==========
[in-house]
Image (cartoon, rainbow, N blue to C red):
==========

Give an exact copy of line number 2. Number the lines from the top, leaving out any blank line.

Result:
Image (cartoon, rainbow, N blue to C red):